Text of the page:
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Brain Routes for Reading in ASD and Neurotypicals

Thursday, 2 May 2013: 09:00-13:00
Banquet Hall (Kursaal Centre)
R. L. Moseley1, F. Pulvermüller1,2 and Y. Shtyrov1, (1)MRC Cognition and Brain Sciences Unit, Cambridge, United Kingdom, (2)Department of Philosophy and Humanities, Free University, Berlin, Germany
Background:  Reading utilises two neural pathways: the first (lexical) route visually mapping whole words to their lexical entry to retrieve meaning, the second (nonlexical) mechanically decoding words via general grapheme-phoneme conversion rules of the given language in order to construct its pronunciation. Whilst neurotypical readers typically employ the direct lexical route for reading familiar regular words, a pattern of poor reading comprehension plus precocity at mechanically ‘sounding out’ words (‘hyperlexia’) suggests the same may not be true of readers with autism spectrum disorders (ASD), who may utilise different pathways and who often seem to lack a ‘default’ semantic processing mode.
Objectives:  We attempted to compare visual word processing of short, simple words between participants with an ASD and age- and IQ-matched controls.

Methods:  MEG and EEG recordings were taken as participants passively read single words. Following preprocessing of combined MEG/EEG data, we explored the neuronal generators underlying electrophysiological and neuromagnetic activity with source analysis using high-resolution structural MRI scans from each participant. Results were confirmed in both an anatomically-defined and data-driven regions of interest (ROI) approach.

Results:  The physiological data revealed preferential recruitment of temporal areas associated with the lexical route in control subjects. Though showing less activation than controls in temporal areas, ASD participants showed no preferential use of either route, but additional recruitment of the nonlexical route associated with a dorsal stream of activation in parietal areas and BA 44. Greater activation of this dorsal route in ASD occurred throughout the epoch, from 70ms after word presentation to 450ms. In addition, analysis of semantic differences between experimental words revealed many category-specific semantic differences in the control group that were lacking in the ASC group, particularly in the earliest time-windows.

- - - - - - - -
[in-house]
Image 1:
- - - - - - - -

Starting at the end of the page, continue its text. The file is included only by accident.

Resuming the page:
Conclusions:  In contrast to controls who preferentially employed the lexical route, people with ASC appear to automatically decode even familiar words, showing recruitment of additional pathways and theoretical consistency with hyperlexia, a tendency to mechanically phonologically-decode language whilst, in previous literature. The lack of automatic category-specific differences between words with different meanings in the ASD group supports the suggestion that whilst semantic processing in autism may not be globally impaired, semantic information may not be automatically activated without explicit instruction.

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